In Mexico, teachers who don’t show up to teach can’t be fired. A teacher’s job may be passed down to the teacher’s children or sold to the highest bidder. Local union leaders sometimes “take a cut when they sell a teacher’s job.” The Washington Post reports:
Josefa Hernandez, an energetic college graduate in the southern Mexican state of Puebla, said she had been unable for four years to land a teaching job through applications to state education officials. Finally, she said, a local school supervisor who belongs to the union told her he knew a teacher who had died, and offered to “work it out with the husband.”
By long-standing custom in Mexico, a deceased teacher’s children have first right of refusal for the job. If they don’t want it, the surviving spouse often sells the position for thousands of dollars. Though the practice is illegal, it is common and often arranged by union leaders, according to two dozen interviews with teachers and education officials.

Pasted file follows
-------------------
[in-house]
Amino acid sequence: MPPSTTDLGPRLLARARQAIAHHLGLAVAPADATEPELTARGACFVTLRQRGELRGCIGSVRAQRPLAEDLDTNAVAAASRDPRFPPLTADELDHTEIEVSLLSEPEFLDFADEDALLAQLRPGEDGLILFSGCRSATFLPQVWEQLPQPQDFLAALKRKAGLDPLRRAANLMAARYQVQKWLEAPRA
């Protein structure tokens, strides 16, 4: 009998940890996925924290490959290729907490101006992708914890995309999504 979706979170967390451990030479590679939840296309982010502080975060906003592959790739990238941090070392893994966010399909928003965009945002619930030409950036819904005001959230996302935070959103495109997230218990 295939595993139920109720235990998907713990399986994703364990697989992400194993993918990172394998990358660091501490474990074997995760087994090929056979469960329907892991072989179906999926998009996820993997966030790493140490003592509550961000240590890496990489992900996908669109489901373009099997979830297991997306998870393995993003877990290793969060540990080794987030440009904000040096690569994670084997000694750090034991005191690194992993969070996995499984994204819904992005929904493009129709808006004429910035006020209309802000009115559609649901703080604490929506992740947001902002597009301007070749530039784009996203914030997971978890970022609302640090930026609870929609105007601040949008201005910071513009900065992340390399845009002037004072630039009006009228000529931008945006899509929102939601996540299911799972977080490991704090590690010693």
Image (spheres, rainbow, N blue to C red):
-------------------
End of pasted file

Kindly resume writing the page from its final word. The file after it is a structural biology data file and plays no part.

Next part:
Hernandez said she paid $5,000 to the man, who initially demanded $8,000 for his late wife’s job.
The teachers’ union also is killing a plan to update the 80-year-old middle school curriculum.